First, Doug Ross has a hair-raising piece about how grossly underfunded many of the state employee pension funds are thanks to ridiculous arrangements cut between unions like the SEIU and goofy politicians. Not surprisingly, Ross notes, some of the worst offenders are in states predominately governed by Democrats in recent decades – California, New Jersey, Massachusetts, New York and Illinois, for example. All of those states are on a completely unsustainable path.
Ross offers a radical solution; namely, that public employee unions be banned and collective bargaining be done away with. He’s correct in his reasoning; politicians are in a poor position to engage in arm’s-length labor negotiations since it’s not their money being discussed like it is in the classic labor-management negotiation construct. Most of the states Ross discusses will probably have to declare bankruptcy in order to dissolve these unrealistic pension agreements; what also wouldn’t be a bad idea would be to offer the employees involved the chance to opt out of their pensions in lieu of a lump sum payment for the amount currently funded out of the purported balance that they can then roll into a 401K or IRA plan. Individual accounts are good enough for private-sector employees; there is little reason why they don’t suffice for the public variety.
Meanwhile, over at The American Thinker, Andrew Walden has an informative story about wind energy and its staying power as a viable technology.
The verdict isn’t so hot. In Hawaii and California, where there are some of the world’s best wind fields, federal subsidies from years ago led to the development of wind farms which died away when government swag dried up, and in Europe wind energy has become a colossal bust.
At the end of the day, the long and short of the energy story is that there are four viable alternatives: coal, oil, gas and nuclear. All four have proven themselves to be cheap, plentiful, productive and profitable without government subsidies. Anything which stands in the way of domestic development of those four sources is tantamount to sabotage of the American economy – but the Left is hard at work doing just that. In the case of hydraulic fracturing, which together with horizontal drilling has the potential to unlock a revolution of domestic natural gas from shale formations, we’re seeing the beginning of a media assault aimed at killing the practice before it can gain purchase. Some of the latest examples can be found here, here, here and here, with the first one being the most entertaining – apparently the Russians, who have a wealth of natural gas which can be produced without fracking and a great interest in keeping America’s vast gas reserves off the market so as to support Russian gas prices, are alleging that fracking isn’t safe.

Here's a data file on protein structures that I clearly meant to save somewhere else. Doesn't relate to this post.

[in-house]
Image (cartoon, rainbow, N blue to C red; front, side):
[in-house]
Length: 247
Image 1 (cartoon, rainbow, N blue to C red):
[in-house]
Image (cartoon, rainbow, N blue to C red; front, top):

Watch this “controversy” closely, as it is going to be one of the hottest issues in American politics by the fall. The Left will fight the development of shale gas tooth and nail, because it is the single best hope for a resurgence in this country’s private economy on the immediate horizon.
And finally, of course, we have the link of the day – namely that East Anglia CRU head Phil Jones, the man at the center of the Climategate scandal, has admitted that there has been no appreciable global warming since 1995. Jones essentially admits that the entire anthropogenic global warming advocacy movement is a fraud, which is a gargantuan story you’d think would be pasted on the cover of every newspaper in America today. And yet a Google search on the topic yields nothing from any major American wire service, newspaper or other “mainstream” media source.
Should you be surprised at that? Probably not. It is a story of large-scale significance, however, and it’s another issue the Republican Party should put on its 2010 election agenda – namely, that a Republican-controlled Congress will hold hearings into the global warming advocacy movement and how far the fraud and deception practiced by Jones and his pals at East Anglia has permeated government-funded climate science here on this side of the pond.